Jamie Reed on elected mayors and a town council
Last updated at 09:50, Thursday, 10 April 2014
AT A public meeting in Hensingham last week, I was asked my view about the proposal for an elected mayor for Copeland. The prevailing public mood regarding these proposals – as far as I can make out – is one of confusion.
I welcome the fact people are interested in how our local government system works, and that they are moved to act. It’s evident there is a broad range of differing views among supporters and opponents of an elected mayor, but among the public at large there is real doubt about what this would mean and over what the referendum is actually about.
Firstly, this is your decision. The last Labour government introduced the right for communities to change the way they are governed locally. It’s a sound policy. We should be governed by the system that best suits us; that’s democracy and whichever system is chosen by the local community should have nothing to do with MPs. So far, so clear.
To be clearer still, I’m in favour of whatever system of local government the people of Copeland want; you’re the boss. But I’m a member of the community too, and, like you, I have a personal opinion on what the best system of local government for Copeland might be.
The more I think of this, the more it becomes clear that there isn’t a single problem facing our community that could be better, more quickly or more effectively solved by an elected mayor. Hospital services? No. Schools? No. Road infrastructure? No. Care for the elderly? No. Child protection? No. Job creation? No. Local government finances? The reality is that an elected mayor would make Copeland Borough Council’s financial position even worse. A big salary, support staff and the costs of holding the referendum in the first place – none of these do anything to replenish the council’s meagre accounts. Nor will having an elected mayor get rid of a single elected councillor.
Whatever the problems facing our community, it’s difficult, if not impossible, to see how an elected mayor would help to solve these problems. The biggest problem facing Copeland Borough Council is financial. The vast majority of the council tax we pay goes to Cumbria County Council, on top of this the government has decimated the budget it gives to Copeland Borough Council and this austerity has led to councillors of all parties producing a budget that means that it can do little more than provide those services it must provide by law. Services on top of this, public toilets, the civic hall, communal gardens... all have been victims of this cash crisis.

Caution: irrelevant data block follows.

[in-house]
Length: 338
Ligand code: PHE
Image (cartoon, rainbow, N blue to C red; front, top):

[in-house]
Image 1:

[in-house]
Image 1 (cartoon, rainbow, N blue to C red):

But it’s your choice; your decision.
One change that would make a difference, help to raise money and help to solve the problems facing our community is the creation of a Whitehaven town council. But at the referendum, you will not be asked your view on a Whitehaven town council, only whether you would like to see an elected mayor or not. Confused? You should be.
A town council would be able to raise money – somewhere between £200,000 and £300,000 per year. That money could and should (it wouldn’t be down to me) be used to look after the town centre, provide public toilets, flower beds and more. It’s straightforward common sense.
Better than that, for those of you who cry out for a group of people committed to representing the community rather than a political party, town councils are rarely party political; most aren’t even partly political. And best of all, town councillors aren’t paid.